The Dirac Equation in Curved spacetime makes a difference between Lorentzian indicies and Covariant indicies. In the equation we find a $\partial_\mu$. Is this actually $e^a_\mu\partial_a$ where $e$ is the tetrad (or vielbein)? I.e. does this derivative look different than the regular derivative operator in flat space?

(To be clear I am not asking about the spin connection and covariant derivative, just if the partial will have addition factors from the tetrad.)


FWIW, the notation $\partial_a$ with a so-called "flat" index $a\in\{0,1,2,3\}$ does not make sense as a partial derivative wrt. some "flat" variable. It can only be understood as $$E^{\mu}{}_{a} \partial_{\mu}, \qquad \partial_{\mu}~\equiv~\frac{\partial}{\partial x^{\mu}},$$ where $\mu\in\{0,1,2,3\}$ is a so-called "curved" index; where $x^{\mu}$ is local coordinate of spacetime; and where $E^{\mu}{}_{a}$ is an (inverse) vielbein.

  • $\begingroup$ And just to be clear, this $\partial_\mu = (\frac{1}{c}\partial_t, \nabla)$ even though we're working in curved space? $\endgroup$ – Craig Apr 4 '19 at 18:25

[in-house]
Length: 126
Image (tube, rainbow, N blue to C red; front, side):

• $\begingroup$ I updated the answer. $\endgroup$ – Qmechanic Apr 4 '19 at 19:25

$D_\mu$ and thus $\partial_\mu$ is being explicitly contracted on $\mu$ with the tetrad $e^\mu_a$ in the first equation. There is no implicit contraction of $\partial_\mu$ with the tetrad in the second equation. There is, however, an implicit $4\times4$ identity matrix multiplying it.

  • $\begingroup$ I assumed $e_a^\mu$ was being contracted on the $\gamma$ matrices to transform then from Lorentz to curvilinear cooridnates. Would this choice of contraction ever matter? $\endgroup$ – Craig Apr 4 '19 at 16:23
  • $\begingroup$ The tetrad is being doubly contracted, on $\mu$ with the covariant derivative and on $a$ with the gamma matrix. So the first term, if expanded out, would be 16 terms. $\endgroup$ – G. Smith Apr 4 '19 at 16:25

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